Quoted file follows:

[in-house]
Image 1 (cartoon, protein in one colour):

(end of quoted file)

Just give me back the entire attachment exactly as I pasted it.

[in-house]
Image 1 (cartoon, protein in one colour):